as with all these sentences, it would be incredibly helpful if the hebrew words were always sounds out - especially at the beginning of the course. I can't imagine how difficult this must be if one were to start completely from scratch
I can second that ): I've even waited a while since beta hoping that it would be smoothed over...and it's still the exact same with the audio D:
Since the course is in "beta", my assumption is that this omission was not intentional. The course still needs a lot of polishing, so if all of us report the bugs we find, I'm pretty sure these errors will be fixed pretty soon and we'll all benefit. Please help us true beginners by reporting missing audio and other errors or mispronunciations.
So difficult that I'm losing all motivation and thinking about giving up.
Could this also be translated as 'The happy man' - and, if not, how would you say that in Hebrew?
No. "The happy man" would be translated as "הגבר השמח", because in Hebrew the adjective also have to take the definite article.
In Hebrew when you have a noun/adj. combination and you want to add a definite article you add ha- to both of them
the happy man would be הגבר השמח. lit. the man the happy
how do you pronounce these words? can someone spell in english and / or hebrew with vowels? thanks!
ha-gever (the man) sa-may-ach (happy) The problem with transliterating some words from Hebrew to English is that there really isn't the CH sound in English. This isn't the CH like in chair, it's a guttural sound, but I think someone would only know that if they've spoken/heard the language previously.
Thank you for that pronunciation. Yes, I am also missing how to pronounce new words. Understand transliteration is not perfect but it is still helpful.
This may help someone: A Spanish speaker would transliterate this as "sameaj". It sounds like the Spanish "jota". It's a hard sound as in Bach, not a soft sound as in "hot".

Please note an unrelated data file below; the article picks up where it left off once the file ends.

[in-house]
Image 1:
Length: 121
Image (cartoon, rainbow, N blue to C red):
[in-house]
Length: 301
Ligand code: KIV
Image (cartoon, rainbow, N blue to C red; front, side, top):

Right on CarinaPaula, gracias! In fact, I think the sound is even more guttural than in 'jota', coming from deep inside the throat, but close enough.
"Close enough" is good enough for me. ;) As long as I am understood, I won't even attempt to sound like a native.
Toda BabyBeth! I was trying to figure out if it sounded like a Hungarian name Gabor. :-)
There could well be the possibility of a transliteration, but even those are variable and I'm not sure how they would appear to students for whom English is not their first language.
true - i was actually only asking though because the audio was missing for this, so i just didn't know how to pronounce
once the audio is added, i don't think transliteration will be necessary
So far, I've found the duolingo hebrew course in the memrise app to be of great support when it comes to pronunciation. Hope it helps you all as well :0)
It is difficult not to have the sound of a new word, but if it is not available so far, it would be helpfull already to type, how it sounds and add it to the meaning.
Depending on where you put ה the meaning changes. So, here are some examples:
l גבר שמח - a happy man (no ה)
l הגבר שמח - the man is happy (ה is in front of the noun)
l הגבר השמח - the happy man (ה is in front of both the noun and the adjective)